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Sale-leaseback platform EasyKnock has acquired floundering power buyer Ribbon, with the leaders of both companies saying economies of scale will be critical if proptech companies are to weather the ups and downs of the real estate business.
The deal will enable EasyKnock — which currently serves existing homeowners by purchasing their homes and letting them stay on as renters — to expand its customer base by providing cash offer services to homebuyers.
EasyKnock, which provides its “Sell and Stay” and “Movability” services in 49 states, plans to launch a marketplace later this year that will connect homesellers with buyers — both individuals and investors.
Terms of the deal, which closed May 1 without an official announcement, were not disclosed. But employees have been hard at work on integration, the co-founders of both companies told Inman.
“There’s a lot of technology that has been [developed] by both sides, which the teams have been feverishly integrating over the last several days,” Ribbon co-founder and CEO Shaival Shah said. “I think what the market climate showed us in the past year is that you have to be really, really resilient to different cycles and seasonality. And so by increasing the product suite, you actually hedge against the market.”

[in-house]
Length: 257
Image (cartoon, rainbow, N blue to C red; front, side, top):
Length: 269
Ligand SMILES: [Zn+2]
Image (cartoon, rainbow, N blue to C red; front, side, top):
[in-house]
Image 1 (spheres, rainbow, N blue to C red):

Shah and his team at Ribbon were “pioneers in the power buyer space,” EasyKnock co-founder and CEO Jarred Kessler said of the deal’s attraction.
“They helped thousands of first-time homebuyers move up and purchase their home,” Kessler said. “And we have come to a conclusion that in this market right now, there are amazing features that are providing liquidity solutions in the residential home market. But the problem is going to be going forward is you don’t have economies of scale. And we believe consolidation is the way to go.”
For years, EasyKnock and Ribbon have facilitated deals for customers at opposite ends of the transaction — homeowners and homebuyers. But both companies shared a common philosophy of partnering with real estate agents and lenders, rather than trying to provide real estate brokerage services or mortgage loans themselves.
That strategy — to partner with established players, rather than competing with them — helped fuel growth at both companies, Kessler and Shah said.
Since launching in 2018, Ribbon had operated as an “open Power Buyer,” partnering with real estate agents and lenders to allow homebuyers to waive mortgage, appraisal and home sale contingencies by making cash offers. It would often enter new markets by partnering with a real estate brokerage as an initial launch partner.
“When we launched the lender channel back in 2021, everything exponentially grew because of the relation between loan officers and [real estate] agents,” Shah said. “Not having mortgage or in-house brokerage services, you’re not competing.”
Ribbon would often enter new markets by partnering with a real estate brokerage as an initial launch partner but leaving the door open to partner with agents at other firms.
“What happened was, when we’d go into local markets, you would seed that with a handful of partnerships, keep it open, and then very quickly would go to 3 to 5 percent market share in a market within a year,” Shah said. “There’s a strong network effect because of the cooperation layer of the agent and lender. So this is just expanding on that, and doing it with more offerings.”